Renewable EnergyExplore the United States history of renewable energy where the country stands currently and its future outlook Examine the problems with re

Though there is no shortage of any non-renewable fuel, critics of their use point out that it is logically possible to use up nonrenewable fuels" (Pimental, et.al, 1994, pg. 1).
If something does not change, the United States has the potential to encounter serious energy shortages before too long. The purpose of this paper is to explore the United States’ history of renewable energy, where the country stands currently, its future outlook, implement current government issues and social issues on the topic, and to examine the problems with renewable energy (National Center for Policy Analysis Idea House, 2008).
Water-powered systems have been used for centuries. Today, water power is used mainly to generate electricity. "For many centuries, wind power like water power has provided energy to pump water and run mills and other machines. In rural America windmills have been used to generate electricity since the early 1900s" (Pimental, et.al, 1994, pg. 1).
Harvested from forests, biomass energy currently provides the United States with 4.2% of its energy supply. It is used even more prominently in other countries, especially developing countries. The sun’s energy is converted into heat through solar thermal energy systems and then is used in houses, in different industrial settings, and to generate electricity. …
current usage of renewable resources is passive heating and cooling of buildings although it is not being used to its full extent as of yet (Pimental, et.al, 1994).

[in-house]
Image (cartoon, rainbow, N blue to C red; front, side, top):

Its Future Outlook
"The use of solar energy is, however, expected to grow. Renewable energy technologies that have the potential to provide future energy supplies include: biomass systems, hydroelectric systems, hydrogen fuel, wind power, photovoltaics, solar thermal systems, and passive and active heating and cooling systems" (Pimental, et.al, 1994, pg. 1). The use of alternative liquid fuels such as ethanol, methanol, and hydrogen are also likely to pick up in the future (Bruce and Pickering, 2008).
The Problems with Renewable Energy
Just like non-renewable resources, renewable energy sources have their own conflicts and these are likely to increase along with the increased usage of renewable resources in the future. Some problems that are likely to occur are limited availability of land, limited abilities to harvest forest resources within the United States forcing these resources to be imported, and a growing population (Pimental, et.al, 1994).
Social and Political Concerns
"The first priority of a sustainable US energy program should be for individuals, communities, and industries to conserve fossil energy resources. Other developed countries have proven that high productivity and a high standard of living can be achieved with considerably less energy expenditure compared to that of the United States. Improved energy efficiency in the United States, other developed nations, and even in developing nations would help both extend the world’s fossil energy resources and improve the environment" (Pimentel et al. 1994).
Conclusion
The purpose of this paper has been to explore the United States’